It is shame that fuels the addiction keeping the addict hopelessly addicted.  The habitual nature of addiction is commonly known as the “cycle of shame.”  The addict begins the cycle with feelings of self loathing, plans to use, uses and returns to self-loathing. 

Tomorrow’s topic – Addiction: I need to escape

May 24

Addiction:  Coping with shame

       “Shame and addiction are like Siamese twins.  One rarely exists without the other.  You cannot find an addict without shame, or a shame-based person without an addiction.  Both exist behind walls of denial, growing like cancer, sucking out life.”       

       Shame is a bottomless pit that only a fool would want to fall into.  Any intelligent human being would do anything to keep out of this dark, lonely place.  And addiction is a survival mechanism that instantly controls the mood of any shame-based person.

       Shame’s most important objective is not to be exposed.  Most shame-based people don’t know what it is because it is often disguised as what it is not:  irrational white rage, indifference, the overwhelming need to control, depression, confusion, flightiness, the obsession to ‘use,’ numbness, panic, and the need to run.

       But even though our addictions may have – in some cases – actually saved our lives by helping us through some very difficult circumstances they no longer serve that purpose.  And there comes a time when the addict must lay them down and learn to cope with shame in healthier ways.

       As shame takes hold of our lives we begin trying to be “perfect.”  The illusion of perfection begins when shame takes over; no mistakes are tolerated for with them come shame.  While yet children, our small mistakes were treated like felonies – anger over spilled milk – and the punishment was often very shaming and abusive.    

       Shame is what keeps the addict isolated and alone.  It is the nature of shame to defend itself.  You can never expect to have an addict open up about their shame.  The shame-based person will conceal their shame; admitting to their powerlessness would leave them feeling vulnerable and out of control.

       Guilt and shame are not the same.  Guilt thinks: “I didn’t do enough.”  And shame thinks: “I am not enough.”  Guilt is how we feel about what we’ve done – cheating at cards, cheating on our spouse – while shame is how we feel about who we are.  Shame is that loathsome feeling we have toward others and ourselves.  We act in inappropriate ways because we feel worthless and stupid, and project that on to others. 

       Shame doesn’t require that we do anything wrong; it’s often prompted by involuntary things.  Shame charges us with being inadequate as a person; it comes up when we feel we’ve fallen short of some imaginary mark set up to measure our worth as a person.  Worthlessness and powerlessness are two companions that the addict lives with every single day.  Addiction is the way an addict tries to take control.  It’s how we cope with shame.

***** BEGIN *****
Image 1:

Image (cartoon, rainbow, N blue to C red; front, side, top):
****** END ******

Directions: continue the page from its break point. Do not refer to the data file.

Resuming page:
Tomorrow’s topic – Addiction: The illusion of self

May 23

Addiction:  “I don’t want to feel”

       A big contributing factor in the development of an addiction is childhood trauma.  Trauma can range from anything like physical abuse to abandonment.  It could be as significant as losing a parent or seemingly insignificant as being humiliated by an adult. 

       Children are left with serious emotional scars that are often minimized because these scars aren’t always visible.  But it is these scars that cause emotional immaturity.  A child’s emotional development can be halted by an event in the child’s life that left him/her emotionally stuck. 

       I know someone who is constantly looking for attention.  Her parents split up when she was a child, and she ended up living on her own.  She is now ‘forever’ looking for love and approval – and attention.  But her constant complaints and “illness” is actually creating the opposite effect leaving her with less and less attention.

       One thing that childhood trauma creates in the child is a low threshold for pain.  You can usually tell when someone has a low tolerance for pain: They complain all the time; they rage at the slightest upset; they are constantly trying to manipulate and control their circumstances; they cry at the drop of a hat.

       Sometimes the childhood trauma victim resorts to addiction.  Unable to cope with life’s ups and downs the person uses chemicals or certain addictive behaviors to escape the suffering.  In trying to find a ‘happy place’ the child within the adult becomes attached to these things and uses them to self medicate.

       Addiction to pornography met a need that I felt since childhood.  My childhood needs were minimized by an authoritarian parent who saw himself as the decision maker for his family.  I didn’t dare defy his authority.  To stand up to him meant war and possible death. 

       So I learned not to feel or care about what I wanted.  I later became a passive-aggressive when it came to obeying God.  I latched on to pornography in my mid teens and kept it well hidden for thirty years. 

       I didn’t really know what I was doing until as a middle-aged adult (my therapist) pointed out to me that addiction – particularly sexual addiction – was a way to numb the emotions.  All the bad feelings and personal hollowness could be ‘filled’ with this mood altering ‘drug.’  All of the negative emotions can be numbed.  But in doing so, the positive emotions were also drugged up, and I was left unable to feel anything.

       I had become a total narcissist!   

 Tomorrow’s topic – Addiction:  Coping with shame

May 20

Addiction:  The absence of emotional sobriety

       When I was in therapy for depression and addiction to pornography, my therapist explained to me what addiction really was, and why I was addicted.  I understood (I thought) about alcoholism and drug addiction, but sexual addiction was new to me.  He explained to me the real issue I was struggling with:  My emotions.

       According to him my addiction had very little to do with sex or porn.  It had more to do with deep-seated emotional needs, self-loathing and shame.  Sexual addiction was my drug of choice.  I “used” sex and pornography the same way an alcoholic used alcohol – to numb my self so I wouldn’t feel any negative emotions.